Civil Libertines

The battle over Phoenix's groundbreaking sex-club ban moves into federal court

That's not entirely true. The Phoenix swingers' clubs that remain open for business are not located in residential or commercial districts, but industrial zones. They're converted warehouses, with no alluring signs to mark their presence. They do not serve liquor, and advertise only in fringe sex publications, such as Arizona People's Exchange, AZ Swingers and The Beat. If not private, Phoenix swingers' clubs are at least extremely secluded.

"It's not like the clubs are on Mill Avenue," says Roe, who is not a plaintiff in the lawsuit but who testified at the March 4 hearing. "The location and environment are worlds apart."

"My wife and I often go to Fat Tuesday's in downtown Tempe with our group of friends, and we have to be very much aware of where we are and what we're doing so as not to draw much attention to ourselves. Even so, you get a lot of negative attention. When everyone comes in with their spouses, and then 20, 30 minutes later people have traded chairs, and the men have their arms around different women, or the women are holding hands under the table, all of a sudden the bartender is watching you, and your waitress is giving you strange looks.

"When you start changing partners in public, it makes most people uncomfortable. A public place is not accepting of that type of behavior. That's what the clubs are for, so I would argue that, yes, they're private in that sense."

They are not exclusive, however, despite claims to the contrary by their owners and lawyers. The lawsuit filed by Phoenix swingers' club owners argues the new law violates their constitutional right to privacy, because, they say, their clubs are strictly private, like the Masons or the Knights of Columbus.

According to the owners and their lawyers, prospective members must present themselves well (which one owner defined in a recent deposition as "no bums, no gang slang") and, more critically, they must convince a club's operators of their sincere belief in the swingers' philosophy of sexual liberation.

"The clubs are private," says Phoenix attorney Christopher Kaup, who filed the federal lawsuit with his law partner Anthony DePrima. "The general public is not permitted."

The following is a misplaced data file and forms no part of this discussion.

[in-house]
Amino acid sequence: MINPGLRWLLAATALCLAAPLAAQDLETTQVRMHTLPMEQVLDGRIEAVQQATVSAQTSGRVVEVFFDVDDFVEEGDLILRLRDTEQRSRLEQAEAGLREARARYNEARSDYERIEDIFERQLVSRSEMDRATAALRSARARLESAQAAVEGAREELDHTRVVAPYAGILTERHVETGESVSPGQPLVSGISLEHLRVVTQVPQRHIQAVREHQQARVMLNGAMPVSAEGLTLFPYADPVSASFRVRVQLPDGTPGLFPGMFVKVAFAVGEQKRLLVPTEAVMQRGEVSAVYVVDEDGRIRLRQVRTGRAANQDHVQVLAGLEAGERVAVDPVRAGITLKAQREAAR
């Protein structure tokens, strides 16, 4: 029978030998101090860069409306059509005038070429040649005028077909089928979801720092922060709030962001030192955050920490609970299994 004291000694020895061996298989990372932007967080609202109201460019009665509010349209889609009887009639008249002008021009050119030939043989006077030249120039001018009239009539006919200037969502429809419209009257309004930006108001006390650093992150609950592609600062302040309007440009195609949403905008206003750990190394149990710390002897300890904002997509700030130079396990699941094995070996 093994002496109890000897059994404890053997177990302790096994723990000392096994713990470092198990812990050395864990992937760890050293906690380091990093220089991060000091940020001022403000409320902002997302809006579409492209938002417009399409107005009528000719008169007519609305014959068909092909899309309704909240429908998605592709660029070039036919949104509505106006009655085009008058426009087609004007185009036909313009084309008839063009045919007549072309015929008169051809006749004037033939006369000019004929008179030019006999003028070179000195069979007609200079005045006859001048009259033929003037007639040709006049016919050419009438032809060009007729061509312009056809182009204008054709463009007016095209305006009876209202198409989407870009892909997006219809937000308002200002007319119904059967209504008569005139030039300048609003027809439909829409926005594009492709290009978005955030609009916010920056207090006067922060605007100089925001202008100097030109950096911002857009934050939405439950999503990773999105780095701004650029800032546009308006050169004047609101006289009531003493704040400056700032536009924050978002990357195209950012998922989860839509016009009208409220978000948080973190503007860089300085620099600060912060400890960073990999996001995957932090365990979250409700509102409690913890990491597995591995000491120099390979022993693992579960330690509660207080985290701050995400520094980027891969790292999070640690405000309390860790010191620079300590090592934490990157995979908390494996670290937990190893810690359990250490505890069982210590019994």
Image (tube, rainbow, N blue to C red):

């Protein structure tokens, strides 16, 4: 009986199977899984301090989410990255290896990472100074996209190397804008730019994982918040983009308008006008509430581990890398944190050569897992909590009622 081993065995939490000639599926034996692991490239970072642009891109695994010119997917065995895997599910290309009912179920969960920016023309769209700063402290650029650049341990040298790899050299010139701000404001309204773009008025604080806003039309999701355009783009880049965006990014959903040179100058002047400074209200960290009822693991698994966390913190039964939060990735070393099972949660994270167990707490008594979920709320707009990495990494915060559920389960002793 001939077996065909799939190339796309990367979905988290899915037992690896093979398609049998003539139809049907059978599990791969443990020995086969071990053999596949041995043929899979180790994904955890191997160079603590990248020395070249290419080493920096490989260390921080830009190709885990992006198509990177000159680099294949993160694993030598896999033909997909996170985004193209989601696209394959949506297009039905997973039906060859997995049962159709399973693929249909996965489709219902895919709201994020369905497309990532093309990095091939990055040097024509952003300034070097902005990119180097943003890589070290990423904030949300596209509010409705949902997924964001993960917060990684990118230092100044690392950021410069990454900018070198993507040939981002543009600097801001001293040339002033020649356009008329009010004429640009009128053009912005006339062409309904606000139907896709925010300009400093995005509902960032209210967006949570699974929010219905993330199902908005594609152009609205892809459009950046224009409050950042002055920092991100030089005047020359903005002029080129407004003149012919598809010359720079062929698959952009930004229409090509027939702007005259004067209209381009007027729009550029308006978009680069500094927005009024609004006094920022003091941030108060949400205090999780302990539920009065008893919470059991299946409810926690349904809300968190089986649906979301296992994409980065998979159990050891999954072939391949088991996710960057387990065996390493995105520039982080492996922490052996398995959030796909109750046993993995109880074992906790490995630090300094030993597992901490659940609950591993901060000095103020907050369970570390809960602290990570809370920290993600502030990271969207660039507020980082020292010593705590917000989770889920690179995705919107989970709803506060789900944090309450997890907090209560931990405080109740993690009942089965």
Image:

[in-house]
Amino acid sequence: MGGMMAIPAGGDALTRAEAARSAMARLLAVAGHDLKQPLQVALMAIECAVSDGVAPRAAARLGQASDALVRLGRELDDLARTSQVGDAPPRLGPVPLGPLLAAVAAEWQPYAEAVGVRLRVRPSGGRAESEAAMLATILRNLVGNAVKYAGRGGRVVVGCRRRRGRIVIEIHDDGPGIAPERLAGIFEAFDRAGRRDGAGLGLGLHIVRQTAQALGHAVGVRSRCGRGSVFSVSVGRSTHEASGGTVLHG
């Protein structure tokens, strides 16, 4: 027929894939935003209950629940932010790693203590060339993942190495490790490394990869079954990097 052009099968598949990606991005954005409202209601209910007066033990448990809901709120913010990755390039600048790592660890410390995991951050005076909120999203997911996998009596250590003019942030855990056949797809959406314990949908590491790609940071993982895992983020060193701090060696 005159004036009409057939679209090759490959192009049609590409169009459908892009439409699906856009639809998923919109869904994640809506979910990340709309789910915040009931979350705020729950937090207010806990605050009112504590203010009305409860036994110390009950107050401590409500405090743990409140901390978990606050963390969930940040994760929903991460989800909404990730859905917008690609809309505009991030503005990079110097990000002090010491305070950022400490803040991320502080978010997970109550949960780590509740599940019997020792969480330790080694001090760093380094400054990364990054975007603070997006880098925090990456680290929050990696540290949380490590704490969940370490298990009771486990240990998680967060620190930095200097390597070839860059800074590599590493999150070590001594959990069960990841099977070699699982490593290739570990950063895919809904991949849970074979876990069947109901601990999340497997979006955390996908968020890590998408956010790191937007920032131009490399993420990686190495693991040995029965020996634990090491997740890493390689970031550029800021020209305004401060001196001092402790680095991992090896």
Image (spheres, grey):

Judge Silver challenged that assertion at the March 4 hearing.
"Let me ask you, Mr. Kaup, is there a screening committee, an interview process, somebody who determines whether or not they meet those requirements, and then rejects those people who do not share the same definition of sexual liberation?"

"Yes, your honor," Kaup replied. "There is a person at the front door who is there not only to collect money, but to conduct that kind of interview and hold those kind of discussions."

Kaup went out on a limb there, and a thin, dry one. New Times reporters recently joined (to observe only) three of the four swingers' clubs Kaup represents. There was no discussion or interview process. All that was required of the reporters was to walk through the door, provide a driver's license, sign a membership application no one made them read, and pay money. A good amount of money. Although the annual membership fee for Phoenix swingers' clubs is only $5, the "maintenance fee" charged for entrance on weekend nights is $30 to $35 for single men, $25 to $30 dollars for a couple, and $5 to $10 for single women. One owner testified recently under oath that a well-run swingers' club in Phoenix brings in $3,000 to $10,000 a night.

Membership requirements are more stringent for the Arizona Power Exchange, or APEX, a Phoenix S&M club. Before a new member can attend a weekend "party night," where S&M acts (which typically do not involve intercourse) are performed for an audience, he or she must go to a number of Wednesday night lifestyle discussion groups. Phoenix swingers' club owners have said they plan to institute similar policies if their businesses prevail in court.

In a candid moment, city attorney Jim Hays characterizes the private club posturing of Phoenix swingers' clubs as "total horse shit."

"It's all subterfuge," he says. "You can't say they're private because someone fills out a membership form and then, poof--private club, five bucks a year. Come on now. The law is not so easily evaded."

The language of the Phoenix swingers' club ordinance prohibits any person from operating or maintaining a "live sex act club," defined as "a business in which one or more persons may view, or may participate in, a live sex act."

"Live sex acts" in turn are described as "any act whereby one or more persons engage in live conduct which contains sexual contact [direct or indirect touching, fondling, or manipulating of any part of the genitals, anus or female breasts by any part of the body or any object], oral sexual contact, or sexual intercourse."

That language should be struck down, say Kaup, DePrima and their clients, because the acts it describes are constitutionally protected forms of free expression--if they are performed and viewed in the venue of a swingers' club.

"The new ordinance violates the First Amendment because the persons in the clubs are engaged in expressing the viewpoint of social and sexual liberation to other members," says Kaup. "They are communicating a message of love, caring, honesty and trust in relationships, and the other members of the private club understand that message as it's conveyed."

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